The video for 'Cape Cod Kwassa Kwassa' is a good way of getting into Vampire Weekend's influences, which I already said I wouldn't talk about. But anyway, ditch the over-emphasis on African polyrhythms, and dig the bizarre interplay between the cultures of east coast America and southern Britain. It's like a [stereotypical 80s] John Hughes movie mixed with the humour of [cult British comedy] Garth Marengi's Darkplace (of which the video's English director, Richard Ayoade, was part of, notably as 'smooth... like ice' Thornton).
Vampire Weekend is the premier indie rock album of the year, to my mind. It's sufficiently catchy to be pop; sufficiently quirky, offbeat, even adventurous, to be interesting; and sufficiently good all round to be enjoyable. 'Cape Cod Kwassa Kwassa' is a multi-layered, absorbing song; its lyrics may be oblique, but its rhythm is clear, and the inflection the singer, Ezra Koenig, puts into "is your bed made?" really makes the song for me.
Have A Nice Life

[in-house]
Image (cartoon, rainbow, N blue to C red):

This double album has been out since early in the spring, but I guess it's been a while before I've been able to give Deathconsciousness the time it deserves. It's quite a sprawling, but densely textured and minimalist work. 'Bloodhail' is the second track from the first disc, and it's where the album first really picks up into loud statement - the preceding song is far more ambient, almost incidental but with themes and melodies which run into this song and on into the album. It's hard to categorize Have A Nice Life, but it's a sort of beyond post-hardcore sound mixed with heavy but relatively unobtrusive elements of shoegaze. It's subtle, perhaps too subtle to make an unambiguous impact without a lot of listening; but then that's just my experience, and other people seem to fall completely for it sooner. Last Train to Cool has a good piece about discovering the record as a piece of art, as a minimalist tour de force, while Geek Down talks more about the connection with post-hardcore - I've just started to understand about the contrapuntal vocals - and the technical elements. Read them both, and since you still won't know what Have A Nice Life sounds like, listen to this track.